There are a few possible indicators that your child needs glasses. This could begin with a note from the teacher discussing difficulties in school or you may notice your child squinting or having frequent headaches. However, more likely you will only learn your child needs glasses when you take them to a doctor of optometry for a routine eye exam when there have been no indicators at all.
When choosing their first pair of glasses, start by ensuring that your child likes the style and colour of the frames that are being selected. A child will be more inclined to wear their glasses every day when they are happy with their appearance.
For a child to keep their new glasses on, the frames do need to provide a comfortable fit. For this reason the frame sizing and selection needs careful attention by an experienced fitter. Children often have small, flat bridges of their nose and since much of the weight of the frame is carried at that point, certain types of frames, often with adjustable nose pads, will be recommended. Children’s skin can be sensitive and large areas of frame contact should be avoided particularly if they have metal sensitivities. Also, your child will need a frame of good quality and one that is backed by a manufacturer’s warrant because it is inevitable that the frame will become bent, crooked or break.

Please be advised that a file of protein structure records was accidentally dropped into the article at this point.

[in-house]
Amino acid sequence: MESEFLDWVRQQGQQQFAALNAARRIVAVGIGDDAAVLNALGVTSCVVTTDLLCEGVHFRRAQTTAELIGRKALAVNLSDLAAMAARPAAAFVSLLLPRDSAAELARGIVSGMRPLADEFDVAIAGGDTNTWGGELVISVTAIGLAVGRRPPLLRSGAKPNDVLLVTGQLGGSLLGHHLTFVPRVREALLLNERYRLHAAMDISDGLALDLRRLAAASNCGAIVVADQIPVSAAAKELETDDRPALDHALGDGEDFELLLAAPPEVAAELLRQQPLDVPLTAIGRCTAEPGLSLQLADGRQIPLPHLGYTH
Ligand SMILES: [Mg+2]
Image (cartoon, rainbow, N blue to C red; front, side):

The first priority of lens selection is safety. Lens materials such as polycarbonate and Trivex carry significant impact resistant qualities in addition to providing UV protection. Your child’s prescription may necessitate lens features such as aspheric surfaces or high index materials to keep them thin and light. All lenses should be provided with a very good quality scratch resistant coating and in some cases anti-reflection coatings although the latter will require frequent cleaning to ensure the maximum benefit and are more of a necessity as the child gets older or the prescription increases.
The delivery of the new glasses is an exciting time for your child. Make sure that they are fitted well. The frame should be level and properly positioned. They should not slip out of position with head movements and there should not be noticeable red marks on the nose or behind the ears after a few hours of wear. Your child will be excited to receive them so use this time to impress upon them the doctor’s wearing instructions. Also, build good care habits such as showing them how to use both hands to remove them and how to set them down properly, lens-side up. Many coatings have specific cleaning instructions or products that you should receive from the fitter. You may allow your child to personalize their eyeglass case.
There is usually an adaptation period for any new pair of glasses. Initially, your child may resist wearing the glasses as he or she may feel that their vision is not clear or things look a little funny. With continued wear of the glasses, as directed by your optometrists, these symptoms should resolve. However, any problems that persist beyond one or two weeks should be reported to your Doctor of Optometry. To encourage your child to wear his or her glasses, make it a part of their daily routine. Also, remember to make your child’s teacher aware of the wearing schedule of the glasses.